Monday, March 23, 2009
Get-poor-quick schemes and the Korean-American community
One summer vacation about ten years ago, an "uncle" (not a biological relative but a close family friend) asked me to join him in Olive Garden to meet with one Mr Chang, whom my uncle had met at the local Korean-operated golf driving range, to discuss a proposed business arrangement. My uncle trusts my ability to get a read on people, and he also thought there was a chance that (a) I'd want to get involved in said deal and (b) I could meet Mr Chang's attractive niece. I went along, because of (b) and (c) a free meal at Olive Garden (which Korea does not have).
It was clear to me that Mr Chang was a sneaky character. Among other things, he didn't give solid information and he had what were, to me, vague and sometimes inconsistent numbers about what he had as assets, though his plans sounded okay. He was also very nŭkkihae (느끼해). I politely bowed out of any involvement in Mr Chang's schemes, citing how busy I already was, and later, in private, I told my uncle that I didn't not get a good vibe at all from Mr Chang.
I did meet the niece, nonetheless, but she was already involved with someone whom her uncle did not know about. She had her own business plans, which sounded quite ambitious but not dishonest, and she asked if I was interested in getting involved. About her uncle she said this: "Your uncle should not go into business with my uncle."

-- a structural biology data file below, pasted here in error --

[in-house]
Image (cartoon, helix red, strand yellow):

He did anyway, and a few years later he would admit to me that he had done a lot of things for Mr Chang but had stopped seeing any money. It was time and opportunity — and face — that he'd lost, but not his nest egg. The last my uncle knows about Mr Chang is that no one at the golf course has seen him in a couple years and he heard something about Russians looking for him.
An alleged Ponzi scheme reported in the Orange County Register reminded me of Mr Chang. A Korean-American businessman promising guaranteed returns to other Korean-Americans is now facing a lawsuit after he just stopped making the returns. He had a nice office in Irvine, something that is really not that hard to set up. People knew him from the community, something not all that hard to arrange either.
The whole thing smacks of "Matchstick Men," a movie about elaborate cons starring Nicholas Cage and Sam Rockwell. In some ways, our own greed blinds us to the inherent dangers of trusting other people with our money, and the Ponzi scheme operators know that. They capitalize on it, literally. After watching that film, I don't think I could trust anyone who comes to me with a "really good investment" idea that I'd never heard of before.
When I was a kid, my dad had taken a large amount of the family's savings to invest in a cattle venture. There really were cattle and they really were on land. But when the folks milking the investors got enough money, they walked away with all the cash, leaving the cattle to starve to death. I don't think my dad invested in anything after that. Except a house in Orange County and a 401K.